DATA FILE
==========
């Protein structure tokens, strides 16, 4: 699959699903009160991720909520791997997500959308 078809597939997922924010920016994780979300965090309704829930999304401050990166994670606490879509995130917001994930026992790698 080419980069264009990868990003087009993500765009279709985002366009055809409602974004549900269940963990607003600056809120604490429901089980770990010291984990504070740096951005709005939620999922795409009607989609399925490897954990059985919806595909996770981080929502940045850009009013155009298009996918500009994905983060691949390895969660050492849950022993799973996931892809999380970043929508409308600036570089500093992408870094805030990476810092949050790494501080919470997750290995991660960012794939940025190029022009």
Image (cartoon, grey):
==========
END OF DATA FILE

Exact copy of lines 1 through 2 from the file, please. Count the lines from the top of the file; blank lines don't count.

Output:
């Protein structure tokens, strides 16, 4: 699959699903009160991720909520791997997500959308 078809597939997922924010920016994780979300965090309704829930999304401050990166994670606490879509995130917001994930026992790698 080419980069264009990868990003087009993500765009279709985002366009055809409602974004549900269940963990607003600056809120604490429901089980770990010291984990504070740096951005709005939620999922795409009607989609399925490897954990059985919806595909996770981080929502940045850009009013155009298009996918500009994905983060691949390895969660050492849950022993799973996931892809999380970043929508409308600036570089500093992408870094805030990476810092949050790494501080919470997750290995991660960012794939940025190029022009």
Image (cartoon, grey):